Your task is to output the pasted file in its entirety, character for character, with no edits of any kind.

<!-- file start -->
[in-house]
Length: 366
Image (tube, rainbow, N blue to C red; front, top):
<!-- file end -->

[in-house]
Length: 366
Image (tube, rainbow, N blue to C red; front, top):